The closed-end structure of trusts lends itself well to specialist areas and more illiquid sectors, notably commercial property, debt, infrastructure and private equity. In any downturn, managers can stay fully invested and do not have to dispose of precious holdings, as open-ended property funds had to after the EU referendum.

If seeking property, Black tips Stenprop which invests in UK multi-let industrial sites, trading on 25 per cent discount but paying six per cent with scope to grow.

Concentrate on performance rather than the charging structure. Standard Life Property Income, for instance, quotes a 3.53 per cent fee but its 10-year total return to the end of 2018 was an impressive 212 per cent – after charges.

For growth potential, Henderson Smaller Companies use a rigorous investment process including proven liquidity and is tipped by Adrian Lowcock at advisor Willis Owen. Tom Stevenson at Fidelity likes Aberdeen New India, which holds such major firms as HDFC Bank, Infosys and Tata Consultancy at an attractive discount.

Buying at a discount can amplify the underlying performance if the share price subsequently moves closer to the asset value. Stevenson is suspicious of very large discounts, saying his “sweet spot is between 10-15 per cent.” Having narrowed the search by discount, Stevenson looks for steady growth, favouring Herald with 280 holdings, many in non-tech companies.

Just as savers like to find a trust trading at a discount, a top performer may be worth paying a premium. Scottish Mortgage is usually at a premium but favoured by Kelly Kirby, Chartered Financial Planner at Chase de Vere in Leeds, for its “very experienced managers who adopt a high conviction approach with an impressive track record.”

Kirby also likes both Fidelity Special values where Alex Wright seeks out under-valued stocks and JP Morgan Emerging Markets as “one of the largest and best resourced emerging markets teams.” The latter, also favoured by Hollands and Spooner, has major holdings in Alibaba, Housing Development Finance, Taiwan Semiconductor and Tencent.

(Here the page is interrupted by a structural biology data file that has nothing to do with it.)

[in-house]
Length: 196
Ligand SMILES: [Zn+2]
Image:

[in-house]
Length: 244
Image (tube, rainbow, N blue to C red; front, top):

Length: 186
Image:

In the Far East, Jonathan Baker from Charles Stanley tips Scottish Oriental Smaller Companies, managed by First State, with a growth emphasis, such as Delta Electronics from Taiwan. Schroder Asia Pacific is Hollands’s tip for the region.

One tip is to select trusts run by well-informed, successful families: RIT Capital Partners, backed by the Rothschilds, and Caledonia, where the Cayzers have the controlling stake. Stevenson tips the latter.

TR Property with a mix of UK and European and nine per cent gearing is tipped by Payne, as well as Greencoat UK Wind and the Renewables Infrastructure, both of which yield over five per cent. He also likes Private Equity which is generally a difficult area to access given the long tie-in periods of a decade and high minimum investments. Further afield, BlackRock World Mining and Biotech Growth are selected by Baker. The former enables savers to gain BHP, Glencore and Rio Tinto – all crucial to urbanisation – at a discount. The latter, also discounted, backs therapeutic practices aimed at improving medical practice.

Finally, for a novel but potentially most exciting trust, Lowcock picks Personal Assets which has an unusual mix which works: large, established firms with repeat business, Government bonds, physical gold and gold mining shares and cash.